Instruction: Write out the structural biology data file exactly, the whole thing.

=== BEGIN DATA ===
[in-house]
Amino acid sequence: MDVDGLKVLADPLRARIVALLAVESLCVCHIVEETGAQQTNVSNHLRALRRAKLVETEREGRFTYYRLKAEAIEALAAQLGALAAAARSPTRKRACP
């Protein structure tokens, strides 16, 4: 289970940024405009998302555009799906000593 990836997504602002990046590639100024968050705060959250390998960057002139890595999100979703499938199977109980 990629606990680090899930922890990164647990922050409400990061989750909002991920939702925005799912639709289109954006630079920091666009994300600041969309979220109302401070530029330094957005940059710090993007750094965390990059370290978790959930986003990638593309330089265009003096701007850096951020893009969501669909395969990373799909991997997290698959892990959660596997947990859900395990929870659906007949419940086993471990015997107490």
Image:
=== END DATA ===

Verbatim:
[in-house]
Amino acid sequence: MDVDGLKVLADPLRARIVALLAVESLCVCHIVEETGAQQTNVSNHLRALRRAKLVETEREGRFTYYRLKAEAIEALAAQLGALAAAARSPTRKRACP
């Protein structure tokens, strides 16, 4: 289970940024405009998302555009799906000593 990836997504602002990046590639100024968050705060959250390998960057002139890595999100979703499938199977109980 990629606990680090899930922890990164647990922050409400990061989750909002991920939702925005799912639709289109954006630079920091666009994300600041969309979220109302401070530029330094957005940059710090993007750094965390990059370290978790959930986003990638593309330089265009003096701007850096951020893009969501669909395969990373799909991997997290698959892990959660596997947990859900395990929870659906007949419940086993471990015997107490």
Image: